Nandrolone decanoate, sold under the brand name Deca-Durabolin among others, is an androgen and anabolic steroid (AAS) medication which is used primarily in the treatment of anemias and wasting syndromes, as well as osteoporosis in menopausalwomen. It is given by injection into muscle once every one to four weeks.
Side effects of nandrolone decanoate include symptoms of masculinization like acne, increased hair growth, voice changes, and increased sexual desire. The drug is a synthetic androgen and anabolic steroid and hence is an agonist of the androgen receptor(AR), the biological target of androgens like testosterone and dihydrotestosterone (DHT). It has strong anabolic effects and weak androgenic effects, which give it a mild side effect profile and make it especially suitable for use in women. Nandrolone decanoate is a nandrolone ester and a long-lasting prodrug of nandrolone in the body.
Nandrolone decanoate was first described in 1960 and was introduced for medical use in 1962.It was the second nandrolone ester to be introduced, following nandrolone phenylpropionate (NPP) in 1959, and is one of the most widely used nandrolone esters. It is also one of the most widely used AAS worldwide. In addition to its medical use, nandrolone decanoate is used to improve physique and performance, and is said to be the most widely used AAS for such purposes. The drug is a controlled substance in many countries and so non-medical use is generally illicit.
Nandrolone decanoate is approved in the United States specifically for the treatment of anemia of renal insufficiency and in the United Kingdom specifically for the treatment of osteoporosis in postmenopausal women. In Australia, it is approved specifically for the treatment of acute renal failure, chronic renal insufficiency, anemia of renal failure, aplastic anemia, osteoporosis (in women in whom estrogens are contraindicated), inoperable breast cancer, and for patients on long-term corticosteroid therapy. In New Zealand, it is approved for osteoporosis, inoperable breast cancer, and as an adjunct to therapy for conditions characterized by a negative nitrogen balance. The drug is often used off-label to preserve lean mass in HIV/AIDS patients and in other wasting syndromes.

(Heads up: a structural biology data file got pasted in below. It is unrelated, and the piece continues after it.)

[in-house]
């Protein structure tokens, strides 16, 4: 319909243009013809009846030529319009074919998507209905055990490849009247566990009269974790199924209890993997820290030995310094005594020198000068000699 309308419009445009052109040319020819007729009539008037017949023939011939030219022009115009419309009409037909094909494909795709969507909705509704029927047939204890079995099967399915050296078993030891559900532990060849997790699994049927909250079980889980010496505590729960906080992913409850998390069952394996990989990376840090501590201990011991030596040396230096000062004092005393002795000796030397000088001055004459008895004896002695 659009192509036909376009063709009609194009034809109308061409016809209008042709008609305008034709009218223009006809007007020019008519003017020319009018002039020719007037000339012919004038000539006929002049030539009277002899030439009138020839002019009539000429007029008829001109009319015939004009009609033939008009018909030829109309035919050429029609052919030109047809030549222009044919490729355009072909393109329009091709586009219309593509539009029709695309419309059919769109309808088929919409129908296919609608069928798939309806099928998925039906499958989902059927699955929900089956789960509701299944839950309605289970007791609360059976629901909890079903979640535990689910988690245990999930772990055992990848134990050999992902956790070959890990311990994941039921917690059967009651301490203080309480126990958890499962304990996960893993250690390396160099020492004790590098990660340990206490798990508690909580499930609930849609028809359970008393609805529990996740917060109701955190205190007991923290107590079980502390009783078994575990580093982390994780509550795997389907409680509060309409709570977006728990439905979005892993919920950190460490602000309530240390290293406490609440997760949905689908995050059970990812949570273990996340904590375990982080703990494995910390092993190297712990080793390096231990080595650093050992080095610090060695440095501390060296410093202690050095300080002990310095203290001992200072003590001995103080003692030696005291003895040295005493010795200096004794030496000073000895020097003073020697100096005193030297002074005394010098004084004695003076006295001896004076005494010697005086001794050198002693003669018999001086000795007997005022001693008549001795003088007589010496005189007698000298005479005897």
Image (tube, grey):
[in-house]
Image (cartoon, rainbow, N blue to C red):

In the past, nandrolone decanoate has also been indicated and used for a variety of other conditions and situations including pre- and postoperative use for increasing lean mass, weight loss due to convalescence or disease, geriatric states (e.g., general weakness, fatigue), burns, severe trauma, ulcers, and selected cases of growth failure in children. Starting in the 1970s, the indications of nandrolone decanoate were refined and use of the drug became more selective and restricted. Its use in medicine continues to decline and has become limited, with its sale having been discontinued in many countries.
Because of their reduced androgenic effects, nandrolone esters have not generally been used as a form of androgen replacement therapy for treatment of androgen deficiency in men and have instead been used solely as anabolic agents. However, nandrolone decanoate has been and can be used at low doses as a means of androgen replacement in postmenopausal women, for instance to maintain or increase bone mineral density and decrease the risk of osteoporosis. It is one of only three androgens approved for androgen replacement in postmenopausal women, the others being testosterone (and esters) and methyltestosterone. Nandrolone esters have also more recently been proposed for the treatment of androgen deficiency in men due to favorable properties including their high ratio of anabolic to androgenic effect and consequent much lower risk of prostate enlargement, prostate cancer, and scalp hair loss relative to testosterone.
Nandrolone decanoate is or has been available in 25 mg/mL, 50 mg/mL, 100 mg/mL, and 200 mg/mL formulations in oil for intramuscular injection. In the United States, only the 200 mg/mL formulation remains available. The 50 mg/mL formulation is used for administering very low dosages (usually 50–100 mg every 3–4 weeks) and is considered to be appropriate for women. The 100 mg/mL formulation is used to treat women with inoperable breast cancer, which requires a higher dosage